Analysis of Aristotle’s Ethics, with Notes and Questions by Robert Bateman Paul

Analysis of Aristotle’s Ethics, with Notes and Questions

Robert Bateman Paul
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  • ISBN
    9781458807700 / 1458807703
  • Title Analysis of Aristotle’s Ethics, with Notes and Questions
  • Author Robert Bateman Paul
  • Format
  • Year 2010
  • Pages 24
  • Publisher
  • Imprint Rarebooksclub.com
  • Language English
  • Dimensions 229mm x 4mm x 152mm


This is an OCR edition without illustrations or index. It may have numerous typos or missing text. However, purchasers can download a free scanned copy of the original rare book from GeneralBooksClub.com. You can also preview excerpts from the book there. Purchasers are also entitled to a free trial membership in the General Books Club where they can select from more than a million books without charge. Subjects: Philosophy / History & Surveys / Ancient & Classical;

Publisher Description

This historic book may have numerous typos and missing text. Purchasers can download a free scanned copy of the original book (without typos) from the publisher. Not indexed. Not illustrated. 1874 edition. Excerpt: ...of intemperance, does not, since we are accustomed to its temptations;—and 2nd. Because cowardice is less voluntary in the particular acts than in. temperance, although the whole habit of cowardice is absolutely more voluntary than that of intemperance. Bio. f-io. To conclude: since the desires, if not subjected to rule, will soon become unmanageable, it is our duty to give reason that control over them, which a judicious parent exercises over a child.' 'Vide Book i. Chap. 13. Sec. la BOOK IV. CHAP. L Liberality is a mean1 on the subject of possessions, that is to say, on the subject of those things of which the value is measured by money. Prodigality and Illiberality are the excess and defect, and prodigality is often used to imply a number of vices, but should be understood to mean only one, namely: a wasting of one's substance. Now that there exists such a virtue as Liberality is plain from the circumstance, that it is sio. e. possible to make a good and a bad use of every thing which has use, and that he who possesses the virtue respecting any thing will make the best use of that thing; money therefore being useful, it follows, that there is, as we have said, a virtue which respects it, and that he who possesses that virtue will make the best use of money. This virtue of liberality is concerned more with giving than with receiving; forgiving money is the use of it, receiving is only the method of possessing it;—2nd. To do good is more noble than to receive it, or to abstain from doing evil;—3rd. Thanks, s c. . and praise much more, are rendered to the giver rather than to the receiver;4th. It is easier to.abstain from receiving than to give;—5th. Those who abstain from receiving are praised more for their justice than their...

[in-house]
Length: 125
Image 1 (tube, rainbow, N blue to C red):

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Analysis of Aristotle’s Ethics, with Notes and Questions